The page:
Michele Bachmann’s recent decision to sign something called the ”Marriage Vow” has the Internet up in arms. An aide said she did not hesitate to sign. Maybe she didn’t hesitate because she didn’t read it. Signing this vow is tantamount to shoving someone else’s foot in your mouth.
By signing, she agreed to ban pornography, called homosexuality a choice, and implied that slavery — while not perfect — at least guaranteed that children grew up in two-parent households. Among other things.
And for what? This is a pledge for being endorsed not by the Family Leader but by the “FAMiLY LEADER.” This is a subtle and meaningful distinction!
If you want reassurance that the pledge you are signing to declare homosexuality a choice and postmarital sex The Best And Only Sex is legitimate, look no further than whether or not the name of the organization in question is erratically capitalized. That always bodes well. As a general rule, the more you enjoy capital letters, the more prone you are to feeling that Marriage Should Be Between ONE MAN AND ONE WoMAN.
The vow includes almost every faux pas conceivable to a social liberal, or even a social moderate, or anyone who thinks it sounds goofy to refer to children as the “innocent fruit of conjugal intimacy.”
It actually includes the sentence, “Slavery had a disastrous impact on African-American families, yet sadly a child born into slavery in 1860 was more likely to be raised by his mother and father in a two-parent household than was an African-American baby born after the election of the USA’s first African-American President.”
Michele, you were doing so well! You established that you weren’t a flake! And now you go and sign a pledge that includes a statement that can be summarized “gee, slavery was terrible for slaves, but at least they grew up in two-parent households?” Right when everyone was about to stop suggesting you didn’t know history! There might have been two parents there, but that doesn’t really improve your family situation if the children are being treated like property. Do we really want to go down this path? I bet no one in slave plantations was addicted to online pornography either. And they had a lot of healthful outdoor exercise!
I don’t care what point you’re trying to make, if you see a sentence that starts “Slavery had a disastrous impact on African-American families, yet” — run as far away from that sentence as you can, because it is going nowhere good.
We do have a marriage crisis. Being reared by two stable, loving, committed parents is an opportunity far too many children are denied, and this has a horrible impact, as the vow states. But there are ways of conveying this — and what a grave problem it is — without dragging in, say, slavery.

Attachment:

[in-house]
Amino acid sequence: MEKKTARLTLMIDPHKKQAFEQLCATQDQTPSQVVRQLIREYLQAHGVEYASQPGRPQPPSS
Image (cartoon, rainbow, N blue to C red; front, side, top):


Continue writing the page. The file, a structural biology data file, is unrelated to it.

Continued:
And leaving aside the fact that homosexuality is, apparently, a choice now, on par with polyandry and polygamy and bigamy, in spite of what Lady Gaga has to say about it, the most troublesome vow by far in this litany of ill-advised statements is Bachmann’s commitment to “humane protection of women and the innocent fruit of conjugal intimacy — our next generation of American children — from human trafficking, sexual slavery, seduction into promiscuity, and all forms of pornography and prostitution, infanticide, abortion and other types of coercion or stolen innocence.” (Italics mine.)
“But what about the children?” So 2000. “But what about the innocent fruit of conjugal intimacy?”
We can all agree that human trafficking and sexual slavery are wrong. Vowing to fight seduction into promiscuity puts something of a damper on the social lives of our Innocent Fruit of Conjugal Intimacy (hereafter abbreviated IFOCI), given that all popular music, films, art, and even interacting with the boy in chemistry class could be deemed to fall into that category. But I’m sure the IFOCI will cope. We will just alter their curfew.
No, the real problem is when we reach the ban on pornography.
Do you really want to stand between America and pornography, Michele Bachmann? Compared to this, Michelle Obama’s effort to stand between us and cake will be nothing. It is possible to stop eating cake.
Every second, more than 20,000 people are watching pornography. AdultFriendFinder.com has millions more visitors each day than the New York Times. And sex, as I’ve written before, is the most-searched word on the Internet. It might be why you clicked on this column, and now you are disappointed that it does not include more nudity.
Bachmann may get away with signing off on an inept reference to slavery as a positive family institution. But ban pornography? Good luck with that!
Nearly everyone agrees that marriage is a good thing. Just look at its popularity among the gay population in New York! That’s always a sign that something is coming back into vogue. But this vow bites off far more than any sane vow could be expected to chew, and does so in troublesome and slightly florid prose. Smaller government! No Sharia Law! End all pornography! Destroy vice wherever in the world it lurks!
Vow it all! But a lot of good vowing does, as Newt Gingrich or Bill Clinton could tell you.
If Bachmann wants to be taken seriously, this is the sort of marriage vow from which she might want to seek what it denounces as a “quickie divorce.”